Hold a copy of Depeche Mode’s new Playing the Angel and you can just about hear the buzz emanating from it. That, my friends, is the low hum of the phrase “their best work since Violator” repeated ad infinitum. Want to know the shocking thing? Such a proclamation actually undervalues the music, draped as it is in the shimmering language and imagery of faith, sin, and redemption.It’s true Depeche Mode have changed. Songs like the gospel-tinged “John the Revelator” at long last justify the replacement of yesteryear’s clanging-metal samples with analog synth tones and glitched static. Meanwhile, Dave Gahan’s recent solo work emboldened him to take over some songwriting duties on Playing the Angel; that forced bandmate Martin Gore to bring his A-game on tracks like lead single “Precious.”
Somehow, Depeche Mode have also stayed the same. Though it all sounds new on the surface, Playing the Angel wisely blends influences from the band’s back catalog. “Macro” and “Damaged People,” for example, are downtempo numbers with a flair for the Broadway-stage-dramatic that would have made all the 101 girlies scream. Even the curious guitar-rock bombast of Songs of Faith and Devotion seems to work in album opener “A Pain That I’m Used To.”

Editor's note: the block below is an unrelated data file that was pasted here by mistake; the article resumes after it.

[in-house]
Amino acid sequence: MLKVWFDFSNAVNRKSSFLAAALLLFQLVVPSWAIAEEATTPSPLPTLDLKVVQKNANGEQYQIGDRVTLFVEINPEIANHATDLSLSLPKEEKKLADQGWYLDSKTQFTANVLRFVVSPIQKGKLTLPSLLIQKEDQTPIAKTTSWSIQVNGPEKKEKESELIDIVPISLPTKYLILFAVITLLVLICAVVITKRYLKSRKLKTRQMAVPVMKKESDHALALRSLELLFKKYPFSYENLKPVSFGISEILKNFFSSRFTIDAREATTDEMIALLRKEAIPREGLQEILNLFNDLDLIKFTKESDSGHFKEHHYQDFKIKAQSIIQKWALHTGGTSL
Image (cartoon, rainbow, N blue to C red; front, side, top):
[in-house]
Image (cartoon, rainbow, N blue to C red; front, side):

Depeche Mode haven’t plumbed these musical and emotional depths since they were trading haircare tips with the Cure. It’s not hyperbole to suggest that Playing the Angel is about as important to their legacy as “People Are People,” the video-friendly track from 1984’s Some Great Reward that blew their fan base wide open. Resurrected for listeners old and new, Depeche Mode are playing more the phoenix than the angel.